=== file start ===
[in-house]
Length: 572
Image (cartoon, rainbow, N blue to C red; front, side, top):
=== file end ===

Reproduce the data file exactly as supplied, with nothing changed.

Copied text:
[in-house]
Length: 572
Image (cartoon, rainbow, N blue to C red; front, side, top):